Friday, October 29, 2010

Verde Canyon


When we reached Perkinsville they switch the engines to the other end of the train and take us back to Clarkdale. There is not much left of Perkinsville but here is the old train depot. They would not let us off the train to explore (bummer). Next week the trip back.

Thursday, October 28, 2010

Verde Canyon


As we traveled deeper into the canyon these nice clouds developed.

Wednesday, October 27, 2010

Verde Canyon


Ocotillo cactus (Fouquieria splendens Engelm.) is a curious and unique desert plant found throughout the southwest. Common names include ocotillo, desert coral, coachwhip, Jacob's staff, and vine cactus, although it is not a true cactus. Here is a nice looking group of them shot from the train.

Tuesday, October 26, 2010

Verde Canyon


It's not the destination it's the journey! The historic route is nestled between two national forests and adjacent to a designated wilderness area. This unique geological wonderland features rugged, high desert rock faces and spectacular panoramic views. This distinctive confluence of desert and wetland is populated by a variety of wildlife, which thrives among the indigenous trees, shrubs, cactus's and wildflowers. Here is a view of the Verde River from the train.

Monday, October 25, 2010

Verde Canyon


The main reason for this trip to Arizona was to take the Verde Canyon Railroad thru the Verde Canyon. Running from Clarkdale to Perkinsville, the Verde Canyon Railroad is a stress-free wilderness adventure…at 12 mph. As the gentle iron giants wind their way through one of Arizona’s treasures, being onboard makes your senses come alive. You hear the wheels echo off the canyon walls, feel the gentle wind kiss your cheek, taste Arizona’s special blend of fresh air. But the sense most energized is that of adventure…railroad style. The train passes towering crimson pinnacles; near ancient Indian ruins; over fortified trestles; past a monocline fault and through a manmade 680-foot tunnel on a four-hour rail journey from the old mining town of Clarkdale to the Perkinsville ghost ranch and back. This is the only way to travel thru this canyon as there are no roads.

Two FP7 locomotives pull 18 passenger cars through the Verde Canyon to Perkinsville and back. The engines, built in 1953 by the Electro-Motive Division of General Motors, first debuted on the Alaska Railroad for their centennial celebration. Mountain Diesel, a Colorado-based company, purchased the engines and exhibited them at a California museum before their purchase by the Wyoming/Colorado Railroad in Laramie, Wyoming. In November 1996, the engines were moved to Clarkdale, Arizona. After three months of restoration the classic iron horses were decorated with the Bald Eagle as a tribute to the inhabitants of the Verde Canyon and our American heritage, taking on the symbol of the Verde Canyon Railroad with their exclusive paint scheme. The engines made their maiden journey on Arizona rails on March 8, 1997. Today's image is of one of these majestic engines.

Friday, October 22, 2010

Seligman Arizona


If your car broke down you fixed it. I think that's what this couple is doing!

Thursday, October 21, 2010

Seligman Arizona


Here is a mural showing the path of Route 66 from Chicago to Santa Monica and the location of Seligman Arizona.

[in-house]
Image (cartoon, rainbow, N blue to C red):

Wednesday, October 20, 2010

Tuesday, October 19, 2010

Seligman Arizona


All the comforts of outdoor plumbing can be found in Seligman!

Monday, October 18, 2010

Seligman Arizona


Today I am starting to show my images of signs and fun images of Seligman, Arizona. Seligman, Arizona is a Route 66 town all the way. This delightful town retains all the flavor of the old road. A trip down Route 66 in Seligman is a trip back in time to the days when Route 66 was the Main Street of America. Founded in 1895 after the completion of the "Peavine" Railroad. The railroad camp known as Prescott Junction officially became Seligman and was an important railroad stop along the line. Seligman embraced Route 66 wholeheartedly upon its arrival in the late 1920’s. The railroad and tourist traffic from Route 66 became Seligman's main source of economic security. In the late 1970's Seligman was bypassed by the Interstate and the Santa Fe Railroad ceased its operations in the town in 1985. Many old towns with similar histories would have faded away once they were bypassed, but not Seligman. As you drive down Route 66, evidence of the glory days of the old road could be seen all along the main street. Motels such as the Aztec across the street from the famous Snow Cap, with its quirky tongue and cheek menu, cafes such as the Copper Cart, and numerous Route 66 gift shops were all survivors of the Mother Road. To me, Seligman seemed to preserve the best of the fun days of Route 66. You have to get out of your car and explore Seligman on foot. What's on the menu today? No moon last night so we have a full menu today. Would you like a cup of coffee to go with your chef's surprise? “You Kill It, We Grill It." Splatter Platter - Swirl of Squirrel - Big Bagged Stag - Highway Hash. So many choices! Today's image is (you guessed it) - The world famous, Road Kill 66 Cafe!

Friday, October 15, 2010

Road Signs


Yes, I am back from my latest adventure, but before I can tell you about and show you those images I need to continue with the previous trip to Arizona and Sedona. Here is a continuation of road signs that I shot. This one was taken in Sedona and it made me smile.

Friday, October 1, 2010

Road Signs


This funny sign was found on an old gas pump in Seligman, Arizona. Yes I have more, but the road is calling me again. I am off to shoot Lions (no), Tigers (no) Bears (yes) and much more. When I get back I will continue this series of road signs.